I met Randi on the same night I met the future Mrs. Pincus. To be honest, I was initially interested in Randi, especially since my bride-to-be asked if I had an older and taller brother and proclaimed me — and this is a direct quote — "the most obnoxious person she had ever met." But, once the stars aligned and our rightful paths determined, Randi became a constant companion to my wife and me. Whether it was movies, restaurants, concerts or just hanging out, Randi was always there and we all got along great. I soon discovered that Randi and I had a lot in common, as well. Since we both grew up in close-knit, paths-crossing Northeast Philadelphia, we found that we knew a lot of the same people. I remember she liked to keep up with the latest trends in music and clothes, effortlessly sliding from disco to punk, from "Saturday Night Fever" chic to "Ramones" rage.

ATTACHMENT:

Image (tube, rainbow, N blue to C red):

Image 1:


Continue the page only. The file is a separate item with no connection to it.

Randi latched on to Mrs. P and I and exhibited a combination of admiration with a slight edge of jealousy. She wasn't dating anyone steadily. She dated infrequently, as a matter of fact, mostly a series of "one shot" dates. After each night out, she would gush about this one being "the one," and begin making elaborate life-changing plans in her mind — only to be disappointed.  However, Randi never seemed like a "third wheel." We all got along so well and had such a good time together — that thought never crossed our minds. It crossed other people's minds, but never ours.